French furniture and interior designer Pierre Paulin trained as a ceramist and stone carver, which shaped his design ideals later on. He was a fan of Scandinavian and Japanese design. Paulin was very influential during the 1970s and known for his chair designs. He experimented with using swimsuit materials over traditional chairs as well as applied design to comfort in sculptural designs that made use of Italian foams and rubbers over metallic frames. In this way, radical shapes could be created that were not controlled by the traditional structure of the chair. French President Nicolas Sarkozy called Pierre Paulin “the man who made design an art”.
Paulin’s Orange Slice Chair (1960; Swing Lounge Chair) comprises of two curved pads and is simple, playful and inviting, taking on a new shape from different angles. Its ‘slices’ are two identical shells of pressed beech foam-covered shells perched together on a tubular steel frame.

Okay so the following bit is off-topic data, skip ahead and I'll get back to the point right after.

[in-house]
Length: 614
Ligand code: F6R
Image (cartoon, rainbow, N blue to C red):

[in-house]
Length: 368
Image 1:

The lounge chair shown above is replica.
Illustrious Norwegian interior designer Fredrik Kayser’s Model 711 (1960; Emerson Sofa in various armchair or seater options) stands out amongst his body of award-winning work and has retained its light, timeless looks over the years, fitting in both traditional and contemporary decors.
Charles and Ray Eames' Molded Plastic Chairs (1948-1950) were the first plastic chairs to be industrially manufactured, including the Desmond Chair, the Rada Armchair and the Maja Rocking Chair with its uncovered, cup-like seats and iconic wood and wire rocker bases.
The Panton Chair (1957-1967; S Chair) by experimental Danish designer Verner Panton is part of the Danish Culture Canon and has withstood the vicissitudes of popularity over time, in part thanks to supermodel Kate Moss who posed nude on it on the cover of British Vogue.